Gastric cancer occurs two times as often in males as in females [5]. Older people are mostly affected by gastric cancer. Average age of diagnosis is 69. The probability of developing stomach cancer in lifetime is about 1 in 111 which changes by risk factors including sexuality, common bacterial infections, smoking and obesity [6].

The progression of cancer is commonly evaluated by two parameters called Grade and Stage [7]. In order to grade gastric cancer, doctors attribute numbers 1 to 4 to the tumor tissue in which lesser numbers mean more differentiation and less desire of spreading through the neighboring tissues [8]. Whereas, staging a cancer means the spreading distance of tumor which is attributed to numbers from 0 to 4. Lesser numbers mean that the tumor has not spread distant to the neighboring tissues yet [9].

Gastric cancer is often diagnosed when it has metastasized and this is the reason of its poor prognosis [10]. During metastasis, some tumor cells are detached from their primary site and achieve the ability to penetrate to vessels and migrate through the bloodstream in a process called lymphatic or hematogenous spread. Then these abnormal cells could exit from the vessels and re-penetrate to another tissue and begin proliferating there forming a new tumor. This mechanism is thought to be the major reason of cancer-related deaths [11].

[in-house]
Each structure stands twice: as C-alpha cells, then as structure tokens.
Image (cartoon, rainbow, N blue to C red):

Numeral biological phenomena are involved in organizing metastasis. One of the major mechanisms is Epithelial to Mesenchymal Transition (EMT). EMT is an evolutionarily conserved process which occurs during organogenesis and morphogenesis for shaping embryos [12-13]. In addition, this mechanism occurs during wound healing process where cells gain the ability to migrate across the wound bed to restore the epidermal barrier [14-15]. EMT could be organized in abnormal cancerous epithelial cells and lead to malignant phenotypes [16].

Cytoskeleton is an intracellular network consisting of actin, microtubules and inter-mediate filaments which is present in cytoplasm of eukaryotes [17-18]. The cytoskeleton is a contractive network and involves in many different cell signaling pathways such as cell division and migration by reforming the cell [19]. Villin is an actin-binding protein which associates with actin in order to form brush border of epithelium. Villin counts as an epithelial marker and its downregulation would cause the cell to undergo epithelial to mesenchymal transition followed by metastasis [20].